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How Should Your Medical Practice Handle an Impaired Physician?

How Should Your Medical Practice Handle an Impaired Physician?

What should you do if you notice your colleague and mentor is having memory problems or showing signs of dementia? What action should you take if your partner is engaged in behavior that you suspect stems from an addiction to drugs or alcohol? What if you observe tremors, depression or unhealthy weight loss in another provider? What obligation do physicians have to take any action when a colleague shows signs of being impaired?

According to the AMA (Opinion 9.031), physicians have a responsibility, which stems from the obligation to protect patients from harm, to take action if an impaired colleague exhibits a condition that interferes with their ability to engage safely in professional activities. Timely intervention to assure that your impaired colleague stops practicing and receives assistance is recommended and, if the impaired colleague ignores offers of assistance, it may become legally and ethically necessary to report the impaired physician to a licensing body or other authority.

Although the ethical rules may be clear, it’s always harder in reality to deal with an impaired physician. There are many reasons to explain away the signs that a colleague is in trouble. While hospitals and larger practices often have formal mechanisms to deal with impaired physicians, smaller groups typically have no idea how to handle such a situation. This is especially true if the impaired doctor has seniority and/or decision-making authority over the practice.

Unfortunately, my practice has dealt with many impaired physicians. Whether it’s inappropriate addictive behavior, mental illness, or an accident that creates new limitations for a provider, every situation requires appropriate action. Waiting until the impaired physician is arrested, a patient is injured, or the reputation of the practice is irreparably affected is not an option. Early intervention can also minimize the potential for criminal charges, malpractice litigation, and loss of the physician’s medical license and/or medical staff privileges. All of these events can end a physician’s career.

There is no one approach to address the problems presented by an impaired colleague, but I suggest the following:

1. Arrange a meeting with the impaired physician alone or with other physicians in the practice to provide support and share concerns. The meeting should not be an attack or confrontation. Consider having a neutral party present, such as the practice’s accountant, lawyer, or consultant. This person should be someone who can help everyone stay calm and keep the focus on being supportive.

2. Present some options to the impaired physician. For example, if the physician is suffering extreme depression, perhaps offer the names of qualified therapists or available programs. Discuss a proposal for the physician to work a reduced schedule or to take a break from work, as appropriate. For addictions or more serious mental or medical health issues, the names of local assistance programs or providers may be appropriate, as well as a plan for an extended leave of absence. A concrete strategy can help an impaired physician accept that action is needed and available.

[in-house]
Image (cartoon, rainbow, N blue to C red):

3. If the physician rejects all assistance, there may be a need to contact the licensing authorities, the hospitals, or facilities where the physician practices or even the police in order to protect patients, as well as the impaired practitioner. These decisions should be made with the assistance of counsel to assure that all options have been considered and to assess whether such approach is reasonable in light of available evidence. Clearly the most ideal approach is to preserve the privacy of the situation and the reputation of your colleague and practice.

Properly drafted employment and shareholder documents can help your practice plan for unanticipated events, such as an ill or impaired physician. Contracts can address issues such as time off for disability and termination or forced suspension for physicians who display signs of addiction or otherwise pose a risk to patients. Discuss these possible provisions with your health care counsel.

There is no easy or simple way to handle an impaired colleague. Physicians are only human and can succumb to the same physical, mental, and other issues they are trained to address. When an impaired physician poses a risk to patients and your medical practice, be prepared to take appropriate action.

Find out more about Ericka L. Adler and our other Practice Notes bloggers.

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